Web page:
Posted in Arts, Occupy, Photographs, Space, tagged Art, Big Air Package, Christo and Jeannne-Claude, Gasometer, Germany, Oberhausen, Photography, Video on August 14, 2013 |
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Big Air Package, an indoor installation for the Gasometer Oberhausen, Germany, was conceived in 2010 and is on view from March 16 to December 30, 2013. 90 meters high, with a diameter of 50 meters and a volume of 177,000 cubic meters, the work of art is the largest ever inflated envelope without a skeleton.
For more images related to Big Air Package and other projects by Christo and Jeanne-Claude, visit photographer Wolfgang Volz’s agency.
If you have any further questions, please send an e-mail to: email@example.com (for inquiries in English and German). You can also contact Thomas Machoczek at the Gasometer Oberhausen by either e-mail or phone: firstname.lastname@example.org, +49 (208) 8503735.
And this is not the first time Christo has worked in this particular gasometer having once filled it with 13,000 coloured oil drums.
He is one of the greatest artists of our time, barely understood, yet he has made us think about places and spaces in different ways than anyone else ever has.
Christo and Jeanne-Claude
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Here is a remarkable photography project using garbage dumpsters as pinhole cameras. The city of Hamburg has allowed it’s trash collectors to drill small holes into these portable bins that are loaded with large sheets of light sensitive paper. And the results are often quite stunning!
From their Flickr page -
Hamburg´s garbagemen portrait their city in the Trashcam Project – with their garbage containers. Standard 1.100 litre containers are transformed to giant pinhole cameras. With these cameras the binmen take pictures of their favourite places to show the beauty and the changes of the city they keep clean every day.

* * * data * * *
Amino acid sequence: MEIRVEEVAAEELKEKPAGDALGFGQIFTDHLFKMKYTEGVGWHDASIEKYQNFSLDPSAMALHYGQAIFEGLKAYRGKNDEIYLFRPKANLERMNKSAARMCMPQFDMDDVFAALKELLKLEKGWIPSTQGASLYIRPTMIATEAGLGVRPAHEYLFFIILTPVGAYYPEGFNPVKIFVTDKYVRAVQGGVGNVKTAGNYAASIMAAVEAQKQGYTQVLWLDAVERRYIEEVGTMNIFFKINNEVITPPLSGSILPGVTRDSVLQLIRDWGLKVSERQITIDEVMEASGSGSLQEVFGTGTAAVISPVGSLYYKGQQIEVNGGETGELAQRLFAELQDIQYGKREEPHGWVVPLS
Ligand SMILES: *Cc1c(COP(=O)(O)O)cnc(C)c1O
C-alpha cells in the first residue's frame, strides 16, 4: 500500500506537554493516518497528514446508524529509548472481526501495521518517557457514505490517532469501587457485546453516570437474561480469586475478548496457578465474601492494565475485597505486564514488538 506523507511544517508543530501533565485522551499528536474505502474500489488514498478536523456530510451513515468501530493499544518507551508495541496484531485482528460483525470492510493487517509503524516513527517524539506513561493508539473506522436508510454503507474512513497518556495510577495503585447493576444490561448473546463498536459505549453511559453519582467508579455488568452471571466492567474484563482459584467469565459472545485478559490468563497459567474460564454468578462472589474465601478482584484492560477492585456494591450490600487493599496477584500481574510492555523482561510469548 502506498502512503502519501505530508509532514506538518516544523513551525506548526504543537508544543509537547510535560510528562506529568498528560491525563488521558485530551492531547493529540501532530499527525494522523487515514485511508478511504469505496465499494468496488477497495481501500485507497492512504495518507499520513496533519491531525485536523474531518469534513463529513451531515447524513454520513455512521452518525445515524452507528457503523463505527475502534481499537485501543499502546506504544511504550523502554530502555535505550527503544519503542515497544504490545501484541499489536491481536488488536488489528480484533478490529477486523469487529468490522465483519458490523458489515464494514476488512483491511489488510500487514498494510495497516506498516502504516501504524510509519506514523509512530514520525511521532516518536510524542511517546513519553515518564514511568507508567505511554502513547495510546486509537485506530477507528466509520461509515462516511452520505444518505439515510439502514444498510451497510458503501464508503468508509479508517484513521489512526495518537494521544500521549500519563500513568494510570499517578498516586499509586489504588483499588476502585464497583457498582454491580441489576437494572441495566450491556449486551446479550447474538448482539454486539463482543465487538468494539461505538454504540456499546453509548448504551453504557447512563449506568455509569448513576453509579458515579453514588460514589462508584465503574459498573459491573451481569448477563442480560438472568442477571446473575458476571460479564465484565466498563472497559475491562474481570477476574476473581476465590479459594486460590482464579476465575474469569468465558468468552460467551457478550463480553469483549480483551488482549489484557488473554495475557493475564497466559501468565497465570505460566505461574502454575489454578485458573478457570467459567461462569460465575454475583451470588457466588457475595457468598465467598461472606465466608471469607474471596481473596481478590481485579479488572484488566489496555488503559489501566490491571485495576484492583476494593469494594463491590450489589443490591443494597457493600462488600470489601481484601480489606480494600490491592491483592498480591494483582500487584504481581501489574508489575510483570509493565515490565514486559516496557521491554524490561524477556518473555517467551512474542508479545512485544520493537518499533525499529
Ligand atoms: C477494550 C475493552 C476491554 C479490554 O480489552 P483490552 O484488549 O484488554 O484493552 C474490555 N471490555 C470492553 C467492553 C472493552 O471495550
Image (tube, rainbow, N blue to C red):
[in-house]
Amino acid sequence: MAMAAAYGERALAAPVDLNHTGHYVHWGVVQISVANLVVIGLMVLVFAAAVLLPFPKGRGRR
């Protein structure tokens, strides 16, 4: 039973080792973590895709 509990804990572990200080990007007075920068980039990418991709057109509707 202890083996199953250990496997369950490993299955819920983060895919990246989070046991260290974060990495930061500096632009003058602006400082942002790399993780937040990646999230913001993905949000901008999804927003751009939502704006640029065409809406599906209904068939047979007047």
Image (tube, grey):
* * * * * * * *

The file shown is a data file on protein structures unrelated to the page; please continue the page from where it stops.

The Trashcam Project was developed by Christoph Blaschke, Mirko Derpmann, Scholz & Friends Berlin and the Hamburg sanitation department. Special thanks to Hamburg based photographer Matthias Hewing (www.matthiashewing.de/) for his professional advice and the challenging lab work with the giant negatives.
The Speicherstadt in Hamburg photographed with a garbage container by
Hans-Dieter Braatz, Christoph Blaschke and Mirko Derpmann. Shot on a 106×80 cm sheet of ilford multigrade with an hour exposure time.
The skyline of the Hafencity in Hamburg photographed with a pinhole garbage container by garbageman Hans-Peter Strahl, Christoph Blaschke and Mirko Derpmann. Shot on a 106×80 cm sheet of ilford multigrade with six minutes exposure time.
Garbageman Roland Wilhelm takes a picture of himself and his trashcam with a second trashcam. Photographed with a pinhole garbage container by Roland Wilhelm, Christoph Blaschke and Mirko Derpmann at the site of Hamburg´s wase collecting service. Shot on a 106×80 cm sheet of ilford multigrade with six minutes exposure time. Please show some respect for Rolands fantastic ability to not move.
The Marco Polo Tower photographed with a 1.100 litre garbage container by Michael Pfohlmann, Christoph Blaschke and Mirko Derpmann. Shot on Ilford Multigrade with 10 minutes exposure time.
And here is a video, in German, explaining the project.
Trashcam Project Flickr Page
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